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National News

Man accused in deaths of two boys killed by python elects for jury trial

A man charged in the deaths of two boys who were killed by a python in northern New Brunswick has elected for a jury trial. READ

Nunavut grapples again with retail alcohol sales, considers loosening rules

Canada’s most restrictive liquor laws may be about to loosen as Nunavut politicians grapple again with the emotional issue of whether to allow the territory’s first retail store for alcohol. READ

Winnipeg police looking for ’person of interest’ in deaths of two street men

Police in Winnipeg have removed trash bins from a downtown alley as officers investigate the weekend deaths of two men who spent much of their time on the streets. READ

Promised federal consultation on doctor-assisted dying hasn’t materialized

Two months after Prime Minister Stephen Harper promised to consult widely on doctor-assisted dying, the federal government has yet to reveal how it intends to canvass Canadians’ views on the emotional issue — much less how it intends to legislate on the subject. READ

Former Harper aide comes up during Duffy trial

Why did suspended senator Mike Duffy’s living expense claims in Ottawa land him in a criminal trial, while those of Conservative colleague Carolyn Stewart Olsen never seemed to raise an eyebrow? READ

Parliament’s omission of Srebrenica from genocide motion raises Bosnian eyebrows

Bosnian Muslims say they’re surprised that the House of Commons did not include the 1995 Srebrenica massacre last week during its acknowledgment of 20th-century genocides. READ

New CSIS powers not as scary as they seem: Harper’s security adviser

Prime Minister Stephen Harper’s national security adviser says planned new powers for Canada’s spy agency seem more frightening than they really are. READ

Conservatives commit $13.5 million to April and May ad blitz on budget measures

New documents reveal the Conservative government has booked $13.5 million for an all-out blitz in April and May to advertise its 2015 pre-election budget. READ

Former Kandahar combat commander named as Canada’s next defence chief

A former combat commander who has led operations at home and overseas has been appointed to the country’s top military job. READ

Canadian stranded in Nepal says Ottawa not doing enough to bring citizens home

Canada is sending more relief supplies to earthquake-struck Nepal, promising to match donations to a fund specifically set up to help — and defending itself from claims that affected Canadians aren’t getting the assistance they need. READ

John Kerry thanks Canada for Arctic Council leadership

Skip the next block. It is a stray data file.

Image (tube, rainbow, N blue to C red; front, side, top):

The United States assumed leadership of the Arctic Council on Friday and made it clear that the attention of the eight countries that ring the North Pole has shifted from economic development to climate change. READ

Speaker Nolin’s death leaves Senate without a leader in midst of crisis

The Speaker of Canada’s Senate, Pierre Claude Nolin, died Thursday after a five-year battle with a rare form of cancer, leaving the much-maligned institution without a leader in the midst of its greatest crisis. READ

U.S. border officers could face Canadian justice for serious crimes under pact

A U.S. border officer who commits an on-duty crime in Canada would generally face justice in an American court under a new binational agreement. READ

Senate staff made time to help cops but not for Mike Duffy, lawyer says

Mike Duffy’s defence began what’s likely to be a lengthy — and testy — cross-examination Friday of the Senate official overseeing the upper chambers’ expense regime during the allegedly free-spending days of the senator from P.E.I. READ

6.1 magnitude earthquake hits British Columbia’s north coast, no tsunami

Billy Yovanovich was about to rise from bed when his house started trembling from a powerful earthquake on British Columbia’s north coast. READ

Feds to appeal after Omar Khadr wins bail while he fights war-crimes conviction

Almost 13 years after American soldiers captured him as a grievously wounded 15-year-old boy in Afghanistan, Omar Khadr found himself tantalizingly close to his first taste of freedom on Friday after a judge granted him bail. READ

Hundreds attend forum on gun violence in Surrey after string of shootings

More than 700 people who attended a forum on a recent spate of gunfire in Surrey, B.C., have been told they must speak up if they want to end the violence in their community. READ

Nine arrested, one still sought in national human trafficking ring

Nine people have been charged and another is sought in a national human trafficking ring that Toronto police allege saw gang members romance teen girls and women to lure them into prostitution. READ

Trudeau to reveal major economic plank now that fiscal landscape clear

Justin Trudeau is starting to show some of his economic cards now that the Conservative government has laid its election hand on the table. READ

Tory proposal for ethical procurement regime could further muddle defence buys

The Harper government’s proposed new integrity regime, aimed at ensuring it only does business with ethical companies, could inadvertently shrink an already shallow pool of defence contractors, observers warn. READ

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